Rabies vaccine in bait dropped in Grimsby and other Niagara communities

rabies vaccine bait What the rabies vaccine bait looks like. Photo credit: Ontario Minstry of Natural Resources

The Ontario Ministry of Natural Resources and Forestry has been hand-dropping rabies vaccines in bait in Grimsby after a case of rabies was found in a raccoon in June.

The effort is part of a wider campaign to drop the bait across the Niagara Region via helicopter in the next few weeks. Vaccine baiting is used to immunize wildlife that is prone to catching rabies, particularly raccoons, skunks, and foxes.

The bait drops begin in mid-September. It is possible that West Niagara residents, in Grimsby, Lincoln, West Lincoln, and Pelham and surrounding areas, may come across baits over the next few weeks.

Below is the important information you need to know about these bait drops.

What is vaccine baiting and how does it work?

Vaccine baiting involves administering the rabies vaccine ONRAB to wildlife. In Ontario, the vaccine is ina small, army-green coloured packet. On the back of the packet, there is a “do-not-eat” warning label and toll-free number.

The liquid vaccine is surrounded by a coating made of ingredients such as icing sugar, designed to entice raccoons, skunks and foxes into eating it. Once eaten, the vaccine is absorbed into the lining of the mouth and animals are immunized within two weeks of consumption.

In Ontario, vaccine baiting typically occurs in three ways – bait drops via aircraft (like helicopters), hand baiting, or trap-vaccinate-release.

Bait drops involve vaccine packets being dropped in large quantities into urban areas and green spaces where rabies-susceptible animals are known to frequent. Hand baiting involves placing vaccine packets in areas of concern by hand. The trap-vaccinate-release technique involves catching wildlife in areas of concern, administering the vaccine, and then releasing the animal back into the wild.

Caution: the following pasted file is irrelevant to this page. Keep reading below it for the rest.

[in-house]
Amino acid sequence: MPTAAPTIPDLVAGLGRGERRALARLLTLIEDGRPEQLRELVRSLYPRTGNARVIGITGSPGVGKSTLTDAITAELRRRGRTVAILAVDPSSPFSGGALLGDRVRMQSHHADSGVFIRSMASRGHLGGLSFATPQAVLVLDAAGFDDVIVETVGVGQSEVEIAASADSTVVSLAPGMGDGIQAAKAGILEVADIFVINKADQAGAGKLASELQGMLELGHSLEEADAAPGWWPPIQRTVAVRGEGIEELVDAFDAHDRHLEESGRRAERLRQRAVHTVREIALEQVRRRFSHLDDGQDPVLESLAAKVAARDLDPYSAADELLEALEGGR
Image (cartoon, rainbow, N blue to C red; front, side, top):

Hand-baiting and trap-vaccinate-release usually occur in areas where a rabies case has been confirmed, as animals in the area are more likely to have come in contact with the infected animal. This took place in Grimsby earlier this summer after the confirmed raccoon case. It is an added safety precaution to protect pets, livestock, and other wildlife around the area where the infected animal was found.

Is it dangerous for pets or livestock?

Although it is unlikely that residents or their pets or livestock will come in contact with the vaccine baits, it is important to take the necessary precautions if they are found or if a pet consumes them.  

Generally speaking, the bait is not harmful to pets or livestock if eaten. Animals may get an upset stomach. However, it is recommended that if a pet consumes a packet, then call your veterinarian as a precaution, especially if more than one packet is eaten.

If a bait packet is found by you or your animals, it should not be opened. Wear gloves or place a plastic bag over your hand, pick up the bait, and move it to an area where wildlife is likely to find it (like a wooded area).

It is also important to note that this bait will not protect your livestock or pets from rabies if consumed.

When and where are these baits dropped?

Bait drops typically occur in the summer and fall in areas where rabies is common. These places include parks, ravines, forests, rural agricultural areas and other green spaces.

The bait drops this year began in July and continue through mid-September. It is focused in areas across Southern Ontario mainly, but Eastern Ontario, around the St. Lawrence River, also received drops around mid-August. Bait drops are occurring via helicopter across the Niagara Peninsula in mid-September.

A more detailed map of the summer/fall baiting areas can be found here.

What is rabies?

Rabies is a virus spread by an affected mammal to another mammal from saliva. It is often transmitted from bites that break the skin, but it can also be transmitted if the saliva of an infected mammal gets into an open wound or into the mouth, nose or eyes.

If infected, symptoms often appear in two forms: dumb form or furious form. The dumb form may involve animals losing their fear of humans, becoming depressed or withdrawn, and becoming partially paralyzed. The furious form may involve animals becoming excited or aggressive, gnawing or attacking themselves and others, and becoming more agitated or depressed.

Learn more rabies and the baiting program on the Ontario website: https://www.ontario.ca/page/rabies-wildlife#section-4.

If you or one of your animals has been bitten by a wild animal, contact your local health unit, veterinarian, or emergency services as soon as possible. If you suspect a wild animal may have contracted rabies, please contact your local animal control services.

You can also report rabies-related concerns or ask rabies-related inquiries to the Ministry of Natural Resources and Forestry (MNRF) Rabies Information Line at 1-888-574-6656 or email at [email protected]. If there is an emergency because bait has been consumed, please call your veterinarian or doctor for emergency help.  

Learn More:

Ontario rabies bating program